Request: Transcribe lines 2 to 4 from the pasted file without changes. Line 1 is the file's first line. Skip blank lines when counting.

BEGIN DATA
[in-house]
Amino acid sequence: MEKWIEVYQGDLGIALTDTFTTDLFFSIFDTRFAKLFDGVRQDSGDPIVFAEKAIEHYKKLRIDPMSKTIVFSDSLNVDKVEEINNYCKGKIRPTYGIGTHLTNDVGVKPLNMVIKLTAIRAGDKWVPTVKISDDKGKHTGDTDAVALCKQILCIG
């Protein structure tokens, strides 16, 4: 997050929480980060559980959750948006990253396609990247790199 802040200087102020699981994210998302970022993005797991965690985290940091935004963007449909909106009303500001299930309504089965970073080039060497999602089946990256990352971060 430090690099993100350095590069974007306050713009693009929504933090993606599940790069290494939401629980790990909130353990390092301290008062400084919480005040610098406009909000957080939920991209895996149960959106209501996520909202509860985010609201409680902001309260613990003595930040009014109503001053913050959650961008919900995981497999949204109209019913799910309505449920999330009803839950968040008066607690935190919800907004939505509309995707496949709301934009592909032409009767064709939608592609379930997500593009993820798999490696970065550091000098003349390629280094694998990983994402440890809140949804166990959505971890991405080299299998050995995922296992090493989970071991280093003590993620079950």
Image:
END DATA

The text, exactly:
Amino acid sequence: MEKWIEVYQGDLGIALTDTFTTDLFFSIFDTRFAKLFDGVRQDSGDPIVFAEKAIEHYKKLRIDPMSKTIVFSDSLNVDKVEEINNYCKGKIRPTYGIGTHLTNDVGVKPLNMVIKLTAIRAGDKWVPTVKISDDKGKHTGDTDAVALCKQILCIG
């Protein structure tokens, strides 16, 4: 997050929480980060559980959750948006990253396609990247790199 802040200087102020699981994210998302970022993005797991965690985290940091935004963007449909909106009303500001299930309504089965970073080039060497999602089946990256990352971060 430090690099993100350095590069974007306050713009693009929504933090993606599940790069290494939401629980790990909130353990390092301290008062400084919480005040610098406009909000957080939920991209895996149960959106209501996520909202509860985010609201409680902001309260613990003595930040009014109503001053913050959650961008919900995981497999949204109209019913799910309505449920999330009803839950968040008066607690935190919800907004939505509309995707496949709301934009592909032409009767064709939608592609379930997500593009993820798999490696970065550091000098003349390629280094694998990983994402440890809140949804166990959505971890991405080299299998050995995922296992090493989970071991280093003590993620079950």
Image: